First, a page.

CHARLOTTE, N.C. – The Democratic National Convention comes to a close Thursday night with yet another defining moment for Barack Obama’s presidency as he makes the case for his re-election to the nation.
The president will take the stage at Charlotte's Time Warner Arena – a backup venue for the speech after the threat of inclement weather forced a cancellation of a planned open-air stadium event – with hopes of recapturing the magic of his convention speeches in 2004 and 2008.
The Daily Rundown's Chuck Todd previews Thursday's DNC lineup, which includes speeches by Vice President Joe Biden and President Barack Obama.
His first address as a keynote speaker rocketed Obama to political stardom, and his second, as a presidential nominee four years later, helped launch him into the White House. Tonight, he hopes to go three-for-three with another highly anticipated address.
The president must soothe disillusionment over the promise of "change" that has not fully evolved. And the poor economy he inherited has only sputtered along. Obama will try to argue that Americans will be better off in four years than they would under Republican presidential nominee Mitt Romney, whom Democrats have pummeled repeatedly this week in an effort to transform the 2012 campaign into a "change" election.
Former Arizona Rep. Gabrielle Giffords leads delegates in reciting the Pledge of Allegiance at the Democratic National Convention in Charlotte, North Carolina.
Slideshow: Democratic National Convention
“Hopefully, at the end of this convention people will say what we accomplished, what we needed to, and delivered our vision for the country and offer a clear contrast to what people saw in Tampa,” Obama said Thursday on a conference call with supporters, before cautioning: “This is still going to be a really close election.”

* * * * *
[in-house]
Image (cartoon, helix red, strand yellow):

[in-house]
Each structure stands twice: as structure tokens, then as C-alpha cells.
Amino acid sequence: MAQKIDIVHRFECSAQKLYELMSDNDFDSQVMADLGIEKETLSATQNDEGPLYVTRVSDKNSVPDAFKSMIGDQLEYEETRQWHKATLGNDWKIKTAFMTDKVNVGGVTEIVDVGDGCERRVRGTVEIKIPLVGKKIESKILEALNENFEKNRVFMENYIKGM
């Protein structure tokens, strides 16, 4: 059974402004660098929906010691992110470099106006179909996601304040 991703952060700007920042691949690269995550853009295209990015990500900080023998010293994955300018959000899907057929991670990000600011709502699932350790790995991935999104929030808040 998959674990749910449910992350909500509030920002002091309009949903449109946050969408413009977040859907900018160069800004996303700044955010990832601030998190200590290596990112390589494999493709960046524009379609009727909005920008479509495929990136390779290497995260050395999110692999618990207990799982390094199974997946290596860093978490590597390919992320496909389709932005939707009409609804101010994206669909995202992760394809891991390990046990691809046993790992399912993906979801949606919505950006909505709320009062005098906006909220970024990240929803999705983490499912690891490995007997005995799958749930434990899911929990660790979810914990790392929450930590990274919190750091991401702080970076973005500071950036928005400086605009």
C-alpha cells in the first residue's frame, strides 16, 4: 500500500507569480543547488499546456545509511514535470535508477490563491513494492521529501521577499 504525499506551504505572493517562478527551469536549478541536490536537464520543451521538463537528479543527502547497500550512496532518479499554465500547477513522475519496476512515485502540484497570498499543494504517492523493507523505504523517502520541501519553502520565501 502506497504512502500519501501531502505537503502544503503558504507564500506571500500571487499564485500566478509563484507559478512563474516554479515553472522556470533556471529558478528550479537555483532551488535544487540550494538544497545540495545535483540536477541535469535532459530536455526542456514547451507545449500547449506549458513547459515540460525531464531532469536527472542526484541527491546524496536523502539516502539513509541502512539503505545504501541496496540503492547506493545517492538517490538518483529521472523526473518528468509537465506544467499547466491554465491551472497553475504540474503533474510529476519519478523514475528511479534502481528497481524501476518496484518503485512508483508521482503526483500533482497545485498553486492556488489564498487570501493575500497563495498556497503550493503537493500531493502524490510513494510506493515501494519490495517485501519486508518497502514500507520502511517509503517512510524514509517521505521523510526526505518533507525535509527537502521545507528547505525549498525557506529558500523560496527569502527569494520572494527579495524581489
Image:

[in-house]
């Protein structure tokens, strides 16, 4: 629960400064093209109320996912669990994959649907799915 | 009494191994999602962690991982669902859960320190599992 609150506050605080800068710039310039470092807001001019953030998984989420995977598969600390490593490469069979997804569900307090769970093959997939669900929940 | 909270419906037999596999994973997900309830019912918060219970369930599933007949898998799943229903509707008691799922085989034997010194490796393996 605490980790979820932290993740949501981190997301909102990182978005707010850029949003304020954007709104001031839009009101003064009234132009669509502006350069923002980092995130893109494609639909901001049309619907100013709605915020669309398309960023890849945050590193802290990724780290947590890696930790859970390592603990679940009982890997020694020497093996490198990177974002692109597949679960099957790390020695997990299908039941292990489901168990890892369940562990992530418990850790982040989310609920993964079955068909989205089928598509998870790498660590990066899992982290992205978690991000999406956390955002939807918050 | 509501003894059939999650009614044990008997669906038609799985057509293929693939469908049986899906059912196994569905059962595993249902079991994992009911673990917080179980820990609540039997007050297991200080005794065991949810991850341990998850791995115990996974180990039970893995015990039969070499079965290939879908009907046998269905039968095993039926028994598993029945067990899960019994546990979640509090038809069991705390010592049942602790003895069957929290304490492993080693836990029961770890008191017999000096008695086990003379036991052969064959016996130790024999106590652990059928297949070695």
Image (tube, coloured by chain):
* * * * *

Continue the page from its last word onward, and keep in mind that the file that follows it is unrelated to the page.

The Democratic National Convention comes to a close Thursday night, as President Barack Obama is poised to make the case for his re-election to the nation. NBC's Andrea Mitchell reports.
To do that, Obama will have to follow two nights of well-received speeches: Tuesday’s by first lady Michelle Obama Wednesday’s by former President Bill Clinton. He’ll also have to clear the bars set by his keynote speech as a Senate candidate during the 2004 convention in Boston and his outdoor acceptance speech before tens of thousands of supporters at the Denver convention in 2008.
Both of those speeches firmly established Obama as a formidable orator, and helped launch his political career to a new level. Tonight, the president is hoping his convention speech – which is regarded as one of a small number of crystallizing moments in a campaign – will help propel him into the final stage of his career: a second term.
First lady Michelle Obama speaks to NBC's Brian Williams about keeping life balanced for her daughters. She is focused on keeping their lives as normal as possible while allowing them to appreciate their chance to witness history.
But that Denver speech has also become an object of ridicule for Republicans – a kind of shorthand for the hype they say had surrounded Obama’s candidacy that year, typified by a stage featuring Greek columns.